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Amazon.com Product Description (ISBN 0891902139, Hardcover)
Fact is a poor story-teller as Maugham reminds us. Fact starts a story at random, rambles on inconsequently and tails off , leaving loose ends, without a conclusion. It works up to an interesting situation, has no sense of climax and whittles away its dramatic effects in irrelevance. While some novelists believe this is a proper model for fiction, Maugham believes that fiction should not seek to copy life, but instead choose from life what is curious, telling, and dramatic, but keep to it closely enough not to shock the reader into disbelief. In short, fiction should excite, interest, and absorb the reader.
Ashenden: The British Agent is founded on Maugham's experiences in the English Intelligence Department during World War I, but rearranged for the purposes of fiction. This fascinating book contains the most expert stories of espionage ever written. For a period of time after it was first published the book became official required reading for persons entering the secret service.
The plot follows the imaginary John Ashenden who during World War I is a spy for British Intelligence. He is sent first to Geneva and later to Russia. Instead of one story from start to finish, the chapters contain individual stories involving many different characters. All of the people whom Ashenden meet during his travels have their own reason for being involved in the spy game, and each are more complex than they first look.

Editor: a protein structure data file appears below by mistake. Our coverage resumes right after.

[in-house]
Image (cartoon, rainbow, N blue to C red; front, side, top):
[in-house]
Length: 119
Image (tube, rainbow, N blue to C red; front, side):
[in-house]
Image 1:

W. Somerset Maugham (1874–1965) wrote over 100 short stories in a long, multifaceted, successful and controversial career. His work has remained widely anthologied, and is, by any measure of commerce or canon, successful. Within Maugham’s large output, the stories published in Ashenden: The British Agent are of particular interest. They are seen as important in the development of the genre of espionage fiction, influencing writers such as Eric Ambler, John le Carré, and Len Deighton. The protagonist breaks with the tradition of the gentleman crime sleuth in order to cope with modern crimes no less than ungentlemanly criminals.
(retrieved from Amazon Wed, 01 Dec 2010 12:33:26 -0500)
A celebrated writer by the time the war broke out in 1914, Somerset Maugham was dispatched by the Secret Service to Lucerne - under the guise of completing a play. An assignment whose danger and drama appealed both to his sense of romance and of the ridiculous. The stories collected in ASHENDEN are rooted in Maugham's own experiences as an agent, reflecting the ruthlessness and brutality of espionage, its intrigue and treachery, as well as absurdity.
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